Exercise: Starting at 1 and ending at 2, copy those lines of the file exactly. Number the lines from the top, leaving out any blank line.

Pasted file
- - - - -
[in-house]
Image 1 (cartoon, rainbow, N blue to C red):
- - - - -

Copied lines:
[in-house]
Image 1 (cartoon, rainbow, N blue to C red):